Baseline study measurements were obtained at 8 to 12 weeks postpartum then at 12 weeks, after intervention termination and 9 months post-treatment indicated as 1 year after randomization. During the intervention period, lactating women receiving dietary treatment reduced their total energy intake from sweets, salty snacks and caloric drinks while they increased their energy intake from vegetables more than women that did not receive dietary treatment. At 1 year, increased intake from vegetables was maintained among these women receiving dietary treatment resulting in sustained weight loss. Read the full study here.

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  Introducing the Obesity Hyperguide™
The Obesity Hyperguide™ is a free, interactive learning management system offering a unique, practice-relevant CME learning experience for professionals interested in managing and treating obese patients. Conveniently available 24/7, this web-based platform provides access to engaging educational content exclusively geared to meet your educational needs and improve your clinical practice.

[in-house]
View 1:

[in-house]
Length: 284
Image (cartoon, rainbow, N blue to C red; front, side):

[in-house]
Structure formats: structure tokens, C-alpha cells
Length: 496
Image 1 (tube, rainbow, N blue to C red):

Energy balance vs. dietary quality for cancer prevention: Does it matter what you eat?
Contributed by Gerald Denis, PhD, Obesity & Cancer Section Chair

Drs. Stephen Hursting & Jill Reedy
At ObesityWeek 2014, Derek Huffman, PhD, of Albert Einstein College of Medicine in New York, the outgoing chair of TOS Obesity & Cancer Section, convened a star panel of two experts in obesity research, Jill Reedy, PhD, MPH, RD, from National Cancer Institute, and Stephen Hursting, PhD, MPH, from University of North Carolina Chapel Hill. In front of an audience of more than 100, these two fiercely intelligent, combative, yet reasonable investigators addressed the question, "Energy balance versus dietary quality for cancer prevention: As long as I stay lean, does it matter what I eat?"